There They Go Again

Published December 1, 2001

Nature abhors a vacuum. That’s why the media must fill every second of air time and every column inch of page space.

But where the talking heads and instant experts are concerned, nature apparently loves the vacuous and the vaguely alarmist, the alarmingly vague, and those genuine experts struggling to explain it all in 30 seconds or 750 words or less.

Putting the Threat in Perspective

By now, no doubt, you’ve been utterly over-anthraxed by the media. (If only words could inoculate, we’d all be immune.) But chances are that you and yours, and everybody else’s, are still alive and well. Let’s put these bad bugs into perspective and try to separate fact from fairy tale.

First of all, don’t paralyze yourself with worry. Maintain perspective. WorldNet Daily’s Paul Sperry recently offered an excellent perspective. As he noted, even the 6,000 people killed directly by the suicidal airplane hijackers on September 11 aren’t as many as the children who died that same day—and die every day around the world—from malaria preventable by DDT.

Please also remember that we Americans number almost 300,000,000. Only a minuscule fraction of us were even exposed to anthrax during the events of the past three months. Even if terrorists attack America again, you’re still much more likely, statistically speaking, to suffer a serious heart attack or traffic accident than to fall victim to a terrorist attack.

Driving while tired or distracted, not to mention yakking on your cell phone, is far more dangerous than what we’ve seen of germ warfare so far. There’s no way to know for sure, of course, but we suspect more people will die from uncommon fatal reactions to Cipro and vaccinations than from germs released by terrorists.

Why Anthrax?

The germ du jour is anthrax because, ounce for ounce, it has the potential to be the most lethal of all germs—but if, and only if, the germs are prepared in exactly the right way.

The recipe has to be just right, not too hot and not too cold. The germs must be spread in just the right size, not too big and not too small. They must be delivered with the wind just right, and without any rain. To cook up a batch requires laboratories and equipment costing hundreds of millions of dollars.

Only a few countries have them. The United States and Russia, for sure. Iran? Iraq? A cave somewhere in Talibania? Perhaps. This stuff is far from readily available. As Conrad Chester, a former Oak Ridge National Laboratory scientist and expert on biological weapons, titled his talk at a Doctors for Disaster Preparedness meeting: “Terrorists Have Problems, Too.”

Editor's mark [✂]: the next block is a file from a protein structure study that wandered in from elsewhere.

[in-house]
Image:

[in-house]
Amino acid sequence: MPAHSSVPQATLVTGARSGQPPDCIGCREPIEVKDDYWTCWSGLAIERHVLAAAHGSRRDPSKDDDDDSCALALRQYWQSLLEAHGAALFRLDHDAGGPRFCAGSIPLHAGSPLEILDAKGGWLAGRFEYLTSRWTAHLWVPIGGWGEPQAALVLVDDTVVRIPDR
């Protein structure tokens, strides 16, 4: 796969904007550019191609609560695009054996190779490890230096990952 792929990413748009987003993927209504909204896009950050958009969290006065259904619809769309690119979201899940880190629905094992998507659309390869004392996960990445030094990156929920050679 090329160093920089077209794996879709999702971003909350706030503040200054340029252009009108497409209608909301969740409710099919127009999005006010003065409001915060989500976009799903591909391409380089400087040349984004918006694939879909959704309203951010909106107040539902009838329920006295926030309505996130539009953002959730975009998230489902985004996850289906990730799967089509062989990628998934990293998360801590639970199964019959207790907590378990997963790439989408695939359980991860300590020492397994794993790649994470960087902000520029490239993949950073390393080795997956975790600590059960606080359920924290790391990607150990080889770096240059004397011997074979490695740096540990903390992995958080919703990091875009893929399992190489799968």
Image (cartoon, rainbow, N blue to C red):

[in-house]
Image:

Now the Good News

With nearly all germs, as with other agents, the dosage determines the poison. Almost anything is poisonous in large enough quantities. Many people—wool sorters for example—are routinely exposed to small numbers of anthrax germs and don’t get sick.

You can’t catch anthrax from someone with an anthrax lung infection. Other anthrax infections, such as in the skin, are easily cured. As with all infections, you should avoid contact with an infected person. You shouldn’t self-medicate.

In case of a major biological or chemical attack, you cut your risk in half if you simply stay inside your house. You can cut the risk by another factor of 10 by making a “safe room.” Select a room with essentials (bath, water, food, TV, radio, telephone, games for the kids). Duct tape the windows and have towels available to moisten and jam around the doors.

“Don’t wait for the government to protect you,” urges Dr. Jane Orient, president of Doctors for Disaster Preparedness (DDP). “Your family’s safety is your responsibility.” DDP has additional information about many of these topics on its Web site (, including detailed sealed-room information and the federal government’s publication, Treatment of Biological Warfare Agent Casualties.

If a situation does arise where you suspect exposure, call your physician or the nearest emergency personnel. Do not take two aspirins or wait until morning . . . but do take a deep breath, far away from the powder.

Perhaps we all need one. And while we’re breathing, we might consider anew just how precious and fragile civilization is, and how great is the evil of those who seek to destroy it.

Dr. Michael A. Glueck has written extensively on medical and legal reform issues. Dr. Robert J. Chiak is president of the Association of American Physicians and Surgeons (AAPS).